Tackling cybercrime in Warwickshire
In a nutshell, what is this initiative?
Warwickshire Neighbourhood Watch Association aims to provide members with information and resources about protecting themselves from cybercrime.
When did it start?
In April 2014, Nuneaton & Bedworth Neighbourhood Watch Association held their AGM. Their guest speaker was the Deputy Police & Crime Commissioner, who flagged up the rising problem of cybercrime and challenged the group to help do something about it. This inspired them to take up the challenge across the wider Warwickshire area.
What do they actually do?
During National Neighbourhood Watch Week 2015, Warwickshire Neighbourhood Watch organised a county conference in which Nuneaton & Bedworth Neighbourhood Watch played a leading role.
The keynote speaker was Rob Hadfield from Get Safe Online, and the event was hosted by Dr Saraj Shaekh, the Head of Research at the Cybercrime Department of the Faculty of Engineering and Computing at Coventry University.
From the event, all Warwickshire Districts took away the beginnings of an action plan to take forward locally to tackle cybercrime in their area.
Nuneaton & Bedworth Neighbourhood Watch have formed a task and finish group (comprising six members) which has held three meetings so far, completed their short term action plan and is now developing their longer term aims. They are concentrating on targeting Neighbourhood Watch members at the moment due to limited capacity.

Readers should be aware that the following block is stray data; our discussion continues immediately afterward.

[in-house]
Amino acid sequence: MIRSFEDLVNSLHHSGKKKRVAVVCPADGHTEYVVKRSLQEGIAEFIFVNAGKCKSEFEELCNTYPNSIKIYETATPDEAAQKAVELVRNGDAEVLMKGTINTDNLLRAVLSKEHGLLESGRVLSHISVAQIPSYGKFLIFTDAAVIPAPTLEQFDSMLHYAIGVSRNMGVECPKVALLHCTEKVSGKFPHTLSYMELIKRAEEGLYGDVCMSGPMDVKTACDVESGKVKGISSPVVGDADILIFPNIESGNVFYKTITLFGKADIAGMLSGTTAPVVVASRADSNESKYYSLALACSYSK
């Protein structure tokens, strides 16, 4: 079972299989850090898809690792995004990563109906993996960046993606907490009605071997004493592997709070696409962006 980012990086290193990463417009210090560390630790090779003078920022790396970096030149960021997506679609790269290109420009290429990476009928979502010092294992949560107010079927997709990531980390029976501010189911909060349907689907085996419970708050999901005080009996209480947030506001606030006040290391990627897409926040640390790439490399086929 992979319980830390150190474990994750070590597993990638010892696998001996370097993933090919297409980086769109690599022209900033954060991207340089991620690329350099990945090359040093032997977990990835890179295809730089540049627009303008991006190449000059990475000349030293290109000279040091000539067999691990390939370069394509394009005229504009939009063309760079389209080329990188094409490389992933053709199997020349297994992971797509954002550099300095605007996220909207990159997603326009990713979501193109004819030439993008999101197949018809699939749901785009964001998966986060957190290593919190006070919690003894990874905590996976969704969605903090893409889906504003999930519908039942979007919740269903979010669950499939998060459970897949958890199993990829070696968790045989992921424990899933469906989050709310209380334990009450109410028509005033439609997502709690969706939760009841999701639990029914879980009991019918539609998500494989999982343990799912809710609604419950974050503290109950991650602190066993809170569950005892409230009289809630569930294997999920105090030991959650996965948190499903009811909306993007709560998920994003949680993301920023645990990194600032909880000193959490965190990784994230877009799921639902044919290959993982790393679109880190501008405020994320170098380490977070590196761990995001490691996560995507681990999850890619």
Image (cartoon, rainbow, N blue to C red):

Their initiative is being delivered by electronic means – their DISC communication system, Twitter and emails – and has three strands:
Are there any other partners?
Warwickshire County Council Trading Standards is a key partner and primary source of information and advice for the Neighbourhood Watch Association.
Warwickshire Neighbourhood Watch Association sits on the Warwickshire Policing Strategic Crime Group – the only voluntary organisation to do so. They have gained a lot of respect and support from the group and are taken seriously thanks to their tactical approach.
How is it evaluated?
The project lead undertakes a regular analysis of activity compared with the action plan.
The initiative reaches over 600 people via the DISC digital communication system, and since 1 September 2015 has sent out over 100 messages on topics relating to cybercrime, resulting in a reach of over 70,000.
What are their plans for the future?
At present digital communications are mainly sent to Neighbourhood Watch coordinators in Nuneaton & Bedworth; they plan to extend this across the membership.
This will also go hand in hand with a drive to recruit new coordinators.
Brian Lowe, Nuneaton & Bedworth Neighbourhood Watch – firstname.lastname@example.org / 02476 350131.